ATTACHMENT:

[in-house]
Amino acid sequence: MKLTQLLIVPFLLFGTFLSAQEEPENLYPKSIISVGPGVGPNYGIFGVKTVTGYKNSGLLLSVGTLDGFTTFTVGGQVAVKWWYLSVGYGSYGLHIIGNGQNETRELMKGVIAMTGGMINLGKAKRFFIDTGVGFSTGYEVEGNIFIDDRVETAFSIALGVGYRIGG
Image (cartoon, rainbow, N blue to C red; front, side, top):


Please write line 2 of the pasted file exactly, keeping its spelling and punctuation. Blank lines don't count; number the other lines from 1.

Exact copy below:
Amino acid sequence: MKLTQLLIVPFLLFGTFLSAQEEPENLYPKSIISVGPGVGPNYGIFGVKTVTGYKNSGLLLSVGTLDGFTTFTVGGQVAVKWWYLSVGYGSYGLHIIGNGQNETRELMKGVIAMTGGMINLGKAKRFFIDTGVGFSTGYEVEGNIFIDDRVETAFSIALGVGYRIGG